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Life of French luxury for starved, crippled street dog: rescue success story

Once starved and crippled on the streets of a Greek island, Claire found a life of luxury in loving arms.
Once starved and crippled on the streets of a Greek island, Claire found a life of luxury in loving arms.
Pauline and Arnold Giggins

by Katerina Lorenzatos Makris ~

“This is Pauline Giggins in France,” said a woman on my voice mail recently. “I don’t know if you’ll remember me, but my husband Arnold and I adopted Claire from you back in 2003… “

I didn’t wait to hear the rest of the message. Right away I dialed her back. Indeed I did remember Pauline, and for several years had been trying to find her contact info that I had stupidly lost when I accidentally imploded one of my email accounts (long story).

Her voice mail was one of the sweetest sounds I’ve ever heard.

Then, within minutes of reaching her, I was in tears—one of those odd brews of emotions that often affect those who do animal rescue—tears of both joy and grief.

Just a kind word

A middle-aged German shorthair pointer, Claire was severely, sickeningly emaciated when I spotted her on the streets of the scenic Greek island Santorini, shivering and dripping wet, just after a lashing November thunderstorm in 2003. She truly looked skeletal–ribs, shoulders, hips, and even her skull in sharp outline. To make matters worse, she was horribly lame. When she managed to walk, she dragged a useless hind leg.

Though she could barely stand, Claire hobbled up to me. Though she had little strength, she wiggled her tail.

Just a kind word, she seemed to ask, expecting little from me, since apparently she had received so little from humans before. Could you give me that?

Her name came to me right away. I had never before been in the presence of more purity of spirit, more inner light, or more clarity.

“Claire,” I whispered to her. “Beautiful Claire.”

Hard to give her up

She was one of those dogs you hate to re-home. Soft-natured, inquisitive, resilient, with the whole depth and breadth of her soul shining in her eyes—a girl like her, you want to keep for yourself.

But we already had a houseful of rescues in California who I’d left in the care of long-suffering hubsy while I took my mom on a grand tour of Greece. So I steeled myself to give up my beautiful new friend.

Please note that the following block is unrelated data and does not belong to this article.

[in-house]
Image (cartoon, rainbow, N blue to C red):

With the help of Santorini veterinarian Dr. Margarita Valvi and her hardworking group Santorini Animal Welfare Association (SAWA), and with the connections of a wonderful man nicknamed “Pointer Dan” in a rescue group in the United Kingdom that I had found on the Internet, along with the generous financial support and extreme patience of hubsy, a.k.a. The Saint, Claire soon made her way to the Giggins’ home in Normandy.

Active volunteers in German shorthair pointer (GSP) rescue, Pauline and Arnold were only supposed to foster her until the U.K. group could find an adopter.

“But we knew as soon as she arrived that she was ours,” Pauline explained. “Arnold was the one who realized it first. He told me, ‘This one’s not leaving.’”

A heavenly life

For the past 11 years Claire has enjoyed one of the most heavenly lives imaginable with the Giggins at their lovely bed and breakfast property set on 12 acres in rural Normandy. They treasure her. She thrives on an abundance of everything a dog could want.

She gets adoration, great food, veterinary care, sunshine, fresh air, exercise, soft beds, and then more adoration. Her loving adopters—pointer experts—helped her lame leg get stronger so that she became able to walk well and even to run and play with her many animal friends.

But now, more than a decade later, at the astonishing age of 18, our courageous Claire is nearing the end.

The kindest thing

“I think it will have to be tomorrow,” said Pauline on that day of our phone call. “I don’t think we should keep her longer. She’s not doing well, and I feel we’d better let her go. But I wanted to let you know first.”

Her words floored me. Not because of Claire’s impending euthanasia—I know all too well that it’s often the kindest thing we can do for our furry companions. What shocked me was that amidst all that Pauline had on her mind, and amidst all she had on her hands taking care of Claire, her other animals, her ailing husband, their home, and their business, this woman had taken the time and trouble to track me down and, in the most gentle, humble way, ask for my blessing before laying to rest the dog whom she and her husband had loved for more than a decade.